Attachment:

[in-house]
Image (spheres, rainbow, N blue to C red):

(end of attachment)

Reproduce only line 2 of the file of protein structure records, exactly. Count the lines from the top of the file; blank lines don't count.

Image (spheres, rainbow, N blue to C red):